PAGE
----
Calcium oxalate (CaOx) was the most common (47 percent) mineral in feline uroliths submitted to the Minnesota Urolith Center
during 2003 (Table 1). More than two-thirds of feline nephroliths were composed of CaOx.
Medical protocols that will promote dissolution of CaOx uroliths are not yet available. Urocystoliths small enough to pass
through the urethra may be removed with the aid of voiding urohydropropulsion. Surgery is currently the only practical alternative
for removal of larger active CaOx uroliths. In some patients, uroliths may be eliminated with the aid of lithotripsy.
Cats that have formed CaOx uroliths are at substantial risk of stone recurrence within 12 to 24 months. Therefore, medical
protocols should be considered to minimize urolith recurrence. The objective of Part 3 of this series is to provide insight
into the risks and benefits associated with therapeutic strategies designed to prevent recurrence of feline CaOx uroliths.
Therapeutic caveats associated with other types of uroliths will be the subject of future Diagnotes.
1. CaOx urolith formation does not occur as a result of a single cause. Rather it is the result of varying combinations
of risk factors that promote precipitation of calcium and oxalic acid in urine.
2. As clinicians, we think of risk factors and protective factors as events that affect the likelihood of urolithiasis occurring.
There are many types of risk factors, but, in general they may be listed under three categories:
- etiological risk factors such as infections and endocrinopathies,
- demographic risk factors such as breed, age, gender, and
- genetic predisposition, and environmental risk factors such as living conditions and sources of water and food.
3. When used in a qualitative (rather than a quantitative) way, the significance of risk (or protective) factors should not
be assigned an "all or none" or "always or never" interpretation. Each contributing risk factor may play either a limited
or significant role in the development of uroliths. In some situations, individual risk factors may not be a factor in every
exposed patient. Furthermore, identifying one event in a chain of etiologic events is not the same as identifying all components
in the etiologic chain.
4. In general, prevention strategies are designed to eliminate or control risk factors associated with calculogenesis. Exposure
to some risk factors can be eliminated or controlled; others cannot (Table 2, p. 6S). Preventative therapy is especially important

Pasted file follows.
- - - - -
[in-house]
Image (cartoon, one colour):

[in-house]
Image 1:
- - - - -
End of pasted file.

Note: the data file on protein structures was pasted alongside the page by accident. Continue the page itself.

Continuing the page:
for patients with a large number of persistent risk factors for CaOx uroliths.
5. Epidemiological studies indicate that males (~60 percent) are more commonly affected than females (~40 percent). In one
study, neutered cats were seven times more likely to develop CaOx uroliths than sexually intact cats.
6. Whereas struvite uroliths are more commonly detected in young to middle age cats (2 to 6 years old), the mean age of cats
at the time of detection of calcium oxalate uroliths is ~8 years. However, CaOx uroliths have been detected in cats ranging
in age from less than 1 year to more than 15 years.
7. Epidemiological studies indicate that CaOx uroliths have been observed in most breeds of cats. However, Himalayan, Persian,
Ragdoll, Havana Brown and Scottish Fold cats were at increased risk for CaOx uroliths, while Siamese and Abyssinian cats had
a reduced risk of urolith formation.
8. Hypercalciuria is a major risk factor for CaOx urolith formation. Hypercalciuria may be associated with 1) hypercalcemia,
2) hyperabsorption of calcium from the intestinal tract, 3) impaired renal reabsorption of calcium, and/or, 4) excessive mobilization
of skeletal calcium. Other risk factors that have been associated with calcium oxalate uroliths include acidosis, hyperoxaluria,
hypocitrituria, hypomagnesuria, decreased urinary concentration of crystallization inhibitors and formation of small volumes
of concentrated urine.
9. Empirical clinical observations indicate that mild hypercalcemia may be present in approximately one-third of cats with
CaOx uroliths. Although serum total calcium concentration and blood-ionized calcium have been mildly increased, parathyroid
concentrations have not been elevated. Unfortunately, the underlying cause of hypercalcemia in most of these cats has not
yet been identified. Causes of hypercalcemia excluded in these patients include primary hyperparathyroidism, hypervitaminosis
D and hypercalcemia of malignancy.
10. Intestinal absorption of excessive calcium will result in hypercalciuria. Therefore, it would seem logical that restriction
of dietary calcium would minimize calcium oxalate urolith formation. However, dietary restriction of calcium may actually
increase the risk for CaOx urolith formation. Why? As in the urinary tract, calcium and oxalic acid in the intestinal lumen
may combine to form an insoluble complex that is not absorbed. However, reducing dietary calcium without an appropriate reduction
in oxalate will increase the solubility of unbound oxalic acid in the intestinal lumen This promotes absorption and subsequent
excretion of oxalic acid in urine. Hyperoxaluria is a greater risk factor for CaOx urolith formation than hypercalciuria of
equivalent magnitude because smaller increments of oxalic acid are required for formation of insoluble CaOx. This provides
a plausible explanation as to why calcium oxalate uroliths recur more frequently in humans consuming calcium-restricted diets
compared to those consuming diets with adequate calcium. It follows that the quantity of dietary calcium should not be altered
without considering an appropriate reduction in the quantity of dietary oxalic acid.